Apr. 13, 2020
U.S. District Judge Roseann Ketchmark of Kansas City, Missouri
Judicial immunity does not completely protect a Missouri judge in a lawsuit accusing him of jailing and drug testing three courtroom observers, a federal judge has ruled.
U.S. District Judge Roseann Ketchmark of Kansas City, Missouri, ruled last week that the three people may sue for a declaratory judgment in a suit alleging unlawful seizure under the Fourth Amendment and violation of the plaintiffs’ First Amendment rights as courtroom observers. The suit also claims that there was a 14th Amendment violation.
Douglas Gaston, Associate Circuit Judge in Texas County, Missouri
Ketchmark said the three plaintiffs could sue Judge Douglas Gaston for prospective declaratory relief because of a substantial likelihood of future injury but not for retroactive declaratory relief because of his judicial immunity.
The observers were in the courtroom because of a custody hearing for a minor child, “K.C.” The child’s paternal grandparents had filed a custody petition for temporary guardianship alleging that the child’s parents were unfit.
The observers were the child’s maternal grandparents, Norma and Arthur Rogers, as well as William Hale, who gave the Rogers’ a ride to court, according to Ketchmark’s opinion.
Gaston had appeared irritated by Arthur Rogers’ answers to his questions about whether the couple had a lawyer, according to the ACLU.
At one point, Gaston said he had sworn statements that K.C. is in immediate danger. Arthur Rogers protested, saying, “That’s just not true.”
Gaston told Arthur Rogers that he shouldn’t interrupt. “You do it again and there’s a penalty for that,” Gaston said. “It involves a cell with bars.”
After ordering drug testing, Gaston told Arthur Rogers to “just come right back” and asked him whether he had something to say.
“No, sir! I’m—nothing,” Arthur Rogers replied.
“Well, you just bought yourself 24 hours in the Texas County Jail for that look,” Gaston said. “Now anything else you wanna say or any looks you want to give?”
Norma Rogers and Hale were detained for nearly eight hours and restrained to a metal bench. Arthur Rogers was detained overnight.
The drug tests came back positive, but it was apparently because of their prescription medication, according to Ketchmark. Gaston has since recused himself from the custody case, although he is presiding in a criminal proceeding involving the child’s mother.
The suit alleges that Gaston “is prone to losing his temper,” and he has also ordered the detention and drug testing of a nonparty in an unrelated matter.
“Given the alleged policy and practices of Judge Gaston, there exists a substantial likelihood plaintiffs would be chilled of future protected activity under the First Amendment,” Ketchmark wrote. “For instance, plaintiffs may be chilled from attending hearings, a trial, or potential sentencing in the criminal matter because of Judge Gaston’s alleged policies. Therefore, plaintiffs’ claims for prospective declaratory relief are not moot, and will not be dismissed at this time.”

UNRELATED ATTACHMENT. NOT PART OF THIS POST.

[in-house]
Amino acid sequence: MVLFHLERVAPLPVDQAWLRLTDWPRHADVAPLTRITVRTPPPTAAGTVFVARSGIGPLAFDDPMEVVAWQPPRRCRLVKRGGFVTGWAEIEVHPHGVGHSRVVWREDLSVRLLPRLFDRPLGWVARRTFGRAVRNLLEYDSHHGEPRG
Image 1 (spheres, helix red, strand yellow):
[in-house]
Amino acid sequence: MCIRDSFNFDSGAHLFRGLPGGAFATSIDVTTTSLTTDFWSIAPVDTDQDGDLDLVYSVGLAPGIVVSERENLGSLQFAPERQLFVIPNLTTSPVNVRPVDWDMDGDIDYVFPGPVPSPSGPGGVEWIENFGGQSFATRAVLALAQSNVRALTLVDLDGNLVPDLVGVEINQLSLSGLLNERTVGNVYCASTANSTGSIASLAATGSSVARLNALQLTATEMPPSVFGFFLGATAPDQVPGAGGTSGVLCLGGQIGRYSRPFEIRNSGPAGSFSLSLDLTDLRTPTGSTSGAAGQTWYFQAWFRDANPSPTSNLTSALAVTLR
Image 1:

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— LawsInTexas (@lawsintexasusa) April 1, 2020
On September 30, 2019, the ACLU of Missouri sued Texas County, Missouri associate circuit judge Douglas Gaston and several deputy sheriffs. Together, the judge and sheriffs detained, restrained, and drug tested three people without cause.
In June 2017, Norma and Arthur Rogers went to a proceeding in open court concerning their granddaughter’s custody. They were not parties to the case. They intended to observe the hearing and—if an opportunity arose—to offer to care for their granddaughter. Their son-in-law, William Hale, was there too, since he had given the child’s parents a ride.
The judge for the case was Douglas Gaston. Many in Texas County know Judge Gaston for his temper and for mixing his personal opinions with the law.
After the proceeding began, Judge Gaston noticed Mr. and Mrs. Rogers for the first time. He began questioning Mr. Rogers aggressively from the bench and took offense at his responses.
At Judge Gaston’s direction, without a warrant or probable cause, a deputy sheriff took Mr. and Mrs. Rogers, as well as Mr. Hale, into custody for drug testing. Law enforcement escorted them to the county jail, where officers forced the family to urinate and cuffed them to a bench for hours. Because of his ankle cuff, Mr. Hale, who suffers from diabetes, developed an ulcer on his foot. After this episode, a portion of his foot required amputation. It is still susceptible to frequent infection.
Mr. Rogers spent the night in jail. Judge Gaston justified it thusly: “You just bought yourself 24 hours in the Texas County Jail for that look.”
“No judge is above the law,” said Anthony Rothert, legal director for the ACLU of Missouri. “Judge Gaston, of all people, should know this.”
Judge Gaston founded the Constitution Project, a program that introduces high school students to basic principles of constitutional law.
“Detaining, drug testing, and restraining this family who had come to observe open court violated the First, Fourth, and Fourteenth Amendments,” Rothert said. “Mr. Hale should not have suffered an amputation. Mr. and Mrs. Rogers should not have been imprisoned and humiliated. Missourians deserve fair treatment, no matter who they are or where they live.”